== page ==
How drop in print circulation is forcing Nigerian newspapers to use misleading headlines to drive traffic online

With the gradual decline in print media
subscription, Nigeria’s mainstream media houses
are now using misleading headlines, also known
as click baits, in a bid to direct traffic to their
websites. It is a strange development that
portends danger for professionalism and ethical
reporting.
For a typical Nigerian the definition is clear and
simple. The organisation with printed version is
called ‘a media’ / ‘a newspaper’ / ‘press’, often with
the word ‘legacy’. An internet only company is
called a ‘blog’, often with a negative tone.

However, seveal episodes at the end of last week
ruined the existing paradigm completely.

the media was agog with
a news headline carried by the major legacy media
like Vanguard, Punch and Tribune.
The headline that got people talking is “Buhari
undergoes surgery”.
Noting how much rumours have trailed the health
condition of the president of Nigeria, Muhammadu
Buhari, an average inquisitive person would click
on this headline to read more and this is where it
goes wrong.

With the gradual decline in print media subscription, Nigeria’s mainstream media houses are now using misleading headlines

There is absolutely nothing in the news that can be
traced to President Buhari’s health condition, the
news rather is about a constructive surgery done
for a toddler who lost his penis to a physical
abuse by his step-mother in 2016.
After several backlashes from readers who did not
find being deceived by media houses funny,
ThePunch eventually changed their headline, while
Vanguard and Tribune are still holding on to theirs.

Due to backlashes from readers, Punch eventually changed their headline

Apparently, with the gradual death of print media,
newspapers are turning to their online platforms to
drive traffic and keep their businesses afloat.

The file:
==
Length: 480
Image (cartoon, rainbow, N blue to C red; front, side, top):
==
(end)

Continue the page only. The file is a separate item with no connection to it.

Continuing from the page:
With the rumours trailing President Muhammadu’s
health, it is easy to get anyone’s attention with his
name name
However, it is saddening that respectable media
houses have found an easier but totally unethical
way of directing traffic to their websites by
sensationalising news and in some cases
presenting misleading headlines and absolutely
fake news.
Effects of fake or misleading headlines on readers
Sometimes people do not read beyond the
headlines and they pick their fact from it and run
with it. In situations where headlines are untrue,
journalists run the risk of feeding the society fake
and unsafe information.

Sometimes people do not read beyond headlines
and this can be disastrous
There have been several other cases of
irresponsible journalism in the media.

In some sad cases, presentation of fake news have aided in
inciting an already worrisome situations like tribal and religion crises.

Facebook/Google clamp down on fake news
After the United States presidential election,
Facebook was faced with heavy criticisms with
people accusing the platform of allowing unverified
and fake news to spread, thereby changing people’
s perception and possibly the outcome of the US
election.

After these backlashes, Facebook’s founder and
CEO Mark Zuckerberg has promised to do more to
check fake and misleading news being spread
through Facebook.

The clamp down has already started on Facebook.
Just like Google, the social media #1 has started
blocking fake news website from its ad network.

However, African media are unlikely to feel this
effect soon. Facebook is more focused on the
‘developed’ world. At the same time, the message
is clear: generating revenue from fake news will be
made impossible pretty soon.

The two internet
giants are working hard every day to create a safe
and user-friendly environment every day.So,
ignoring the readers and caring only for clicks is
really-really bad tactics in the long term.
One can only hope that this measure taken by
Facebook and Google will curtail the nuisance of
presenting fake and misleading headlines, an act
which is spreading like wildfire among Nigerian
online news site.

Culled from legit.ng

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